Thursdays at the Casino Carnaval. The Pentagon restaurant in Majorda,
south Goa chases a small audience, but has an unlikely group of jazz
musicians who jam up to play once a week. The group of jazz musicians
include a priest, a cardiologist, a bank clerk and a farmer!
As with all businesses, they wax and wane, some shut down, some
stagger along, some struggle to build a “scene”. Baga’s Take 5 club
has a tepid on-off scene, while Jazz Corner in Candolim, under a new
management has had a change of character, switching to Rajasthani folk
dances! Restaurants that once featured jazz nights move over to other
genres in search of a paying clientele. And musicians do realise that
jazz has to compete with DJ dance music, techno, rock, reggae, retro,
Latino and standard pop for space. Despite this, jazz has its niche
and lovers of the genre are keen to hold that space and even expand
Heritage Jazz — a concept that married jazz music and heritage
architecture in a colonial mansion in Panjim’s Campal quarter —- has
seen dozens of successful concerts over the past decade.
Non-professional pianist and owner Armando Gonsalves, drove the
concept of holding balcony and courtyard performances by foreign jazz
groups that became hugely popular. Gonsalves is now attempting to
marry Konkani lyrics and jazz to recreate Konkani jazz. Nobody has
forgotten that regional Konkani music got its greatest all time hits
when jazz composer Chris Perry teamed up with singer Lorna Cordeiro in
the sixties. “It’s really the way forward. Someday a Konkani song
could win a Grammy award. That is why I have convinced the five
Monserrate brothers of Mumbai to regroup as a band” says Gonsalves.
This article appeared in Soundbox 1st anniversary issue page 49:
Navhind Times-6th July 2011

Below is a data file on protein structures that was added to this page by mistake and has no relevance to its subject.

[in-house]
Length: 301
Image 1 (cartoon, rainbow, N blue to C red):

Sun City’s ‘Sunday Night Live’ was alive and kicking with Jazz Junction featuring some amazing local as well as international talent. M’tafiti Imara, an accomplished saxophonist, composer and educator from America literally blew the over capacity house apart with some high energy, spontaneous solos that seemed to be pushed to even higher levels by Jazz Junction’s tight rhythm section made up of Darryl Rodrigues on keyboards, Colin D’Cruz on the fretless bass and Lester Godinho on drums. Then came the Australian singer/songwriter Madeleine Chase and with her came some thunder from down under as she went about belting out songs as though she had been singing with the band all her life. This prompted local artistes like Veeam Braganza, Nelly Pereira, Mac Dourado and many more to take to the stage and create absolute magic with Jazz Junction.
Music in Goa is known for its Latin American roots and one Goan musician Colin D’Cruz got the opportunity to perform Latin-jazz with a couple of masters from Brazil and America. Thanks to the Internet.
The internet has turned the world into one large interesting room and it was through the internet that Joel Smith saw and heard Colin’s performances. Joel Smith is an American pianist, composer, arranger, educator and Latin-jazz performer. He leads a jazz trio which also features twenty-year-old Brazilian drummer Tiago Michelin who started playing drums at the age of three and now studies music at the world-renowned institute of jazz – the Berklee College of Music in Boston.
Jazz bass player Colin D’Cruz who has been making waves worldwide with his music regularly being published on the internet, saw yet another of his dreams come true. Joel Smith invited Colin to perform with his trio at the first of their world wide gigs. They played their first international gig at the live music venue – Blue Frog in Mumbai on the 31st of May 2011.
Colin had studied Joel’s music through exchanges on the internet long before the first gig and he comfortably slipped into the band even though the trio actually got together for the first time onstage itself. Joel Smith’s music has Afro-Cuban elements laced with intricate jazz harmonies and infectious Latin rhythm making it an intense yet enjoyable listening experience.
The packed house at Blue Frog responded to every track with thunderous applause and did not let go of the band even way past the last song for the show.
One of the tracks performed was named ‘Miramar’ which is a very common name of cities in South America. Joel was quite surprised to know that there was a Miramar in Goa too and announced the fact to the audience dedicating the song to a few Goans in the audience. Colin discussed possibilities of having the band perform in Goa and Joel Smith has promised to include Goa in his worldwide itinerary.